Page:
Many jurisdictions require all keys for a building to be put in a lockbox outside, which are all keyed the same so people like firemen can get in easily. And you can just buy that key that gives you all the others.

        The key to the lock box, called a "Knox Box" are not available to just anyone. Only fire departments are allowed to have a key to these boxes, and individual fire departments are allowed to spec special keying.

        At $300.00 for the smallest box, they are a (very) controlled access item.

        1. DCFusor Silver badge

          Re: Premisis

          Obviously you haven't watched this guy's videos. The keys are for sale on ebay and other places if you know the #, which I won't post here - but they are listed in his videos, along with screenshots of them for sale from various vendors on ebay as well as THE ORIGINAL MANUFACTURERS. Prices are under $20, not 300+.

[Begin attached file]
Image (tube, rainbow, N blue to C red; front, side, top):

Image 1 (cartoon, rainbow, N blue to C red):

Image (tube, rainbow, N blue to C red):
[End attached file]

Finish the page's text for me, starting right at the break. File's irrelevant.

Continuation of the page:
Another link for short attention span types:

          "Not allowed" means nothing at all.

          How much stuff is illegal yet widespread? How many criminals are law-abiding? I'm sure you know cocaine, driving drunk, murder, burglary (relevant here) and tons of other stuff is "not allowed", right?

          Crossing the border of the US without proper procedure is "not allowed", but an estimated 12 million or so have made it fine.

          Watching this guy and other pen testers just walk in, needing at most only a small keyring with around 10 keys that cover > 90% of all lockboxes, is illuminating. And he and others list the specs of said keys, in standard locksmith lingo, as well as mention which ones you can just duplicate at your hardware store.